What’s next for NZ’s growing organic food market?

By Fiona Stephenson

Some of New Zealand's top players in the growing organic food market want us to get a bigger share in the global boom.

Spending on organic products in New Zealand now adds up to $217 million a year. About $167 million of that rings through supermarket tills each year, up 127% since 2012.

Organic shoppers will have seen this change ourselves. First we had a few specialty products to choose from. Then there was an organics shelf. Then came the organics aisle. Today organic products nestle right up against their chemically-enhanced competition all over the shop. Perhaps in the future we will see a specialist ‘chemical food’ aisle, then a shelf…

Research from Colmar Brunton found two out of three Kiwis report buying organics at least some of the time. This shows that people at least think they should tell researchers they buy organics, which is good.

But seven out of 10 of those people drew a blank when asked for a brand or organisation that was leading the way on sustainability. So there’s still plenty of work to do.

Commonsense Organics supplies fresh organic produce and environmentally sustainable, fair trade products and foods. The firm has five stores in the Wellington region, one store in Auckland, and also sells online.

Marion Wood, managing director, explains how values are shifting.

“People are beginning to recognise that they are paying for the so-called ‘externalities’ of conventional farming,” she says. “For example, there has been outrage recently at the lack of swimmable rivers in Aotearoa-New Zealand because of intensive farming, particularly dairying.”

Organics are now a $250 million export for New Zealand, up 11% on 2012. Grapes, apples and kiwifruit are among the top exports. Add this to domestic spending and we are looking at a market nudging up towards the half billion mark. It has increased by nearly a third in three years.

Some Kiwi organic food businesses are not just exporting product. They are taking their knowledge overseas to play in new markets.

Ceres organics is now the largest distributor of organic food in Australasia. It has more than 360 certified organic products in its range. It started in 1982 as an organic veg stall at the Michael Park Steiner School in Ellerslie. It now employs 150 people distributing to major supermarkets, health food and organics stores. It works with suppliers and distributors around the world.

One of those Ceres’ overseas investments is in Organic Latin America. It’s a rice processing and distribution company in South America. In five years the company has risen to become the largest organic rice exporter out of South America.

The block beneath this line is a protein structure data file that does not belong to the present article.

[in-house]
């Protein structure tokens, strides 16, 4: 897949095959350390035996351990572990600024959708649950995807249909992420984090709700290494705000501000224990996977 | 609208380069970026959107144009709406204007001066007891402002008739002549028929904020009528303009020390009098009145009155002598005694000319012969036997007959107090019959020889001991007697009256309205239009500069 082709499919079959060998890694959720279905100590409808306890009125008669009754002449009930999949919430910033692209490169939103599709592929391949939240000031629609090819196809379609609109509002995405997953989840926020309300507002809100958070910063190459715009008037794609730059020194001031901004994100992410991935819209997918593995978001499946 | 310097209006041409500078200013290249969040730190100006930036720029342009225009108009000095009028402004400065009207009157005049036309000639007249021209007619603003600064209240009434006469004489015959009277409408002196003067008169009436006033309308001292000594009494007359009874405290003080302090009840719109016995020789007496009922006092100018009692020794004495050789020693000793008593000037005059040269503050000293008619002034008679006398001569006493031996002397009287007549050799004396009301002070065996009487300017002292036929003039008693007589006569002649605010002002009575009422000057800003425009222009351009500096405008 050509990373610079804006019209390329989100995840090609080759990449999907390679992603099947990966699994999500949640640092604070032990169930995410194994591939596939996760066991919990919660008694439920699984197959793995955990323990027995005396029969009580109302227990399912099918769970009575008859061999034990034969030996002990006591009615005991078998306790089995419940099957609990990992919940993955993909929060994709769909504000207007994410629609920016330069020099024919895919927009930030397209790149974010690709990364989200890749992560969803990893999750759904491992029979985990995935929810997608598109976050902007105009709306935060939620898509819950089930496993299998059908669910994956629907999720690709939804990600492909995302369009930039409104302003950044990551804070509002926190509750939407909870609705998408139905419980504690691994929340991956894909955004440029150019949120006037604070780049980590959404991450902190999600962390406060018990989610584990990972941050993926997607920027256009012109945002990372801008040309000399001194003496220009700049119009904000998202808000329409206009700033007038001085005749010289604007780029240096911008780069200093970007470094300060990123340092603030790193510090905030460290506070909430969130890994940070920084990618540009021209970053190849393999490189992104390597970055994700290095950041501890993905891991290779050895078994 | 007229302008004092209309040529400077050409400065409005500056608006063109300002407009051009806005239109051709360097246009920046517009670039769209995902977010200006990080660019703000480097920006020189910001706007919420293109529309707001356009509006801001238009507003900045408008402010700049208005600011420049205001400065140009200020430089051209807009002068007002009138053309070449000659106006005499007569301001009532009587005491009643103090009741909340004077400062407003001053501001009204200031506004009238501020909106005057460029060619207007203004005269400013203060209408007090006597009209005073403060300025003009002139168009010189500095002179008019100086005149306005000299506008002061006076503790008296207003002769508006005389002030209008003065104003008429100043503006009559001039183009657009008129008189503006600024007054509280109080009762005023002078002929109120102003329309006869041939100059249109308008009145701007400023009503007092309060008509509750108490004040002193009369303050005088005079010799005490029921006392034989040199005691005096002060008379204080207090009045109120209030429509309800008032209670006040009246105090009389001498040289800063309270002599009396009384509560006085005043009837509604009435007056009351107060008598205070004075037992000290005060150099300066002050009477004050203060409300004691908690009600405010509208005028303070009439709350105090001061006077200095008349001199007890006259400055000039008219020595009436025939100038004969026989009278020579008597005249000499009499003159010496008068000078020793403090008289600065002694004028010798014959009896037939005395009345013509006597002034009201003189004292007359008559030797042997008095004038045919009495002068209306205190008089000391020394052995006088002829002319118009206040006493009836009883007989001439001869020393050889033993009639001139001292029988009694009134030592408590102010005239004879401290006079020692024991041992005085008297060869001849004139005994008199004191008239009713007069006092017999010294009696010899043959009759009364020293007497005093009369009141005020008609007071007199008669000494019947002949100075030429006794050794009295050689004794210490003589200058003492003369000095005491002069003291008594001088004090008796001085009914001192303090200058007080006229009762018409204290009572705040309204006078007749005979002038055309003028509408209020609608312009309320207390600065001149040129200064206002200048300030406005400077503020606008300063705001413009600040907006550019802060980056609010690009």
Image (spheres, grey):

Noel Josephson, managing director, says: “The ‘conscious consumer’ revolution has seen a big increase in the number of people wanting to eat unadulterated food. People are seeking to be more in harmony with the earth. The internet has aided this desire to know and uncovered the practices of industrialised food, which has shocked many people.”

But it’s not all good news. The value of exports in organic processed foods and ingredients is down 15% on 2012. Organic wine and honey exports are in decline, as is seafood.

The potential is there, and it’s vital that we do more to make the most of it. In 2014 the global market for organic food was estimated at $US80 billion. Global organic sales have more than tripled this millennium. The signs are that organic food buying will continue to increase. There is increasing concern about provenance, quality and the supply chain impacts of food production. This is especially true of the Millennials and Gen Y demographics.

The United States, Germany and France are all key export markets for New Zealand organics. But demand for organic food is also on the increase in China.

So how are things likely to develop from here?

All the companies SBN spoke to agreed that one of the biggest barriers is securing supplies of fresh produce to keep up with demand.

Marion says: “There has been minimal support for the development of organic agriculture and none at all under this government.  Instead organic farmers are subsidising the pollution and greenhouse gas emissions from conventional agriculture.  That means that until recently it has not been commercially viable to farm organically in Aotearoa-New Zealand.

“As a nation we are still trying to apply 20th century ‘fixes’ to 21st century challenges.  So we invest in irrigation, but we need to invest in crops that show resilience to drought conditions – and organic crops do.  We invest in intensive dairying, and convert arable crops to build up this intensity. Then we are dumbfounded by the collapse in dairy prices.”

Another challenge Noel identifies is that less scrupulous players may continue to cut corners.

“There is still greenwash out there, and stretched claims that misrepresent food as natural and healthy,” he says.

Another major issue was the lack of adequate regulation around the word ‘organic’ in New Zealand. As the term has not been defined by law here, it can be misused, confusing shoppers. They need to look out for badges like Biogro to be sure of independent verification.

Chris Morrison is instrumental in All Good Organics, is a former chair of Biogro and is on the board of the Soil and Health Association. He is optimistic about the potential, but also damning about the lack of support.

“I believe there is enough demand from Northern hemisphere consumers to have the bulk of our food and beverage exports being high value organic. But there is no government support for this and we continue to focus on commodities.”

SBN works with Good Food Businesses on restoring and enhancing our food system. If you’d like to find out more, please contact us. You can read all about it in the related article on the Good Food Network in this week’s newsletter.